Remember when the Project on Government Oversight (POGO), as part of an effort to get the NIH to crack down on ghostwriting, released documents showing that a psychopharmacology handbook for primary care doctors, authored by then psychiatry kingpins Charles Nemeroff and Alan Schatzberg, had actually been ghost-written by a company hired by GlaxoSmithKline, the maker of the blockbuster antidepressant, Paxil? The New York Times broke the story last fall, relying on internal Glaxo documents obtained in the course of a lawsuit against the drug giant, and a number of other journalists, including myself, blogged about it -- see here. The documents showed that Glaxo hired Scientific Therapeutics Information (STI) to prepare a draft of the textbook with the understanding that Glaxo could review the initial drafts before publication. The handbook itself, which was published in 1999 by the APA, essentially promoted Paxil, among other drugs, as a safe and effective treatment for anxiety and depression.
Sound familiar? As Side Effects reveals, that's exactly how the initial drafts of the notorious Paxil study 329 were prepared -- by the same company, STI, again under contract to Glaxo. In a remarkably similar arrangement, the authors of the Paxil study did not object to the draft's positive wording and made only minor changes to the paper, which concluded that Paxil was safe and effective in treating depression in adolescents even though the actual data showed quite the opposite -- see back story here. (In its later review of Paxil and other antidepressants before attaching black box warnings to them, the FDA labeled study 329 a "negative finding" because the study did not show statistical evidence of the drug's effectiveness and did not accurately represent the extent of Paxil's suicidal side effects among adolescents in the trial).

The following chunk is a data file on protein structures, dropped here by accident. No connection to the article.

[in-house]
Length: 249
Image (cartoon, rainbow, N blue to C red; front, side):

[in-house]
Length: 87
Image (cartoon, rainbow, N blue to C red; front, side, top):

To get back to the story at hand, after the Times article was published, Nemeroff, who was drummed out of Emory for failing to disclose myriad financial ties to the drug industry and is now chair of psychiatry at the University of Miami, and Schatzberg, the dethroned chair of psychiatry at Stanford and a past president of the APA, called in their lawyers who insisted on several corrections to the Times piece, which I append here:
A headline on Nov. 30 with an article about SmithKline Beecham’s role in the publication of a book about treating psychiatric disorders overstated SmithKline’s actions. While documents show that SmithKline (now known as GlaxoSmithKline) hired a writing company for the book, they do not indicate that the company wrote the book for the authors, Dr. Charles B. Nemeroff and Dr. Alan F. Schatzberg. The article also described incorrectly, in some editions, events outlined in a letter from the writing company to Dr. Nemeroff. The correspondence proposed a timeline for the writing company to furnish the doctors and SmithKline with draft text and final page proofs for approval; the letter did not say that the company had already provided those materials for final approval. And the article misstated the context under which Dr. David A. Kessler, the former commissioner of the Food and Drug Administration, commented about the book’s production. The letter and other documents were described to him; he did not personally review the documents.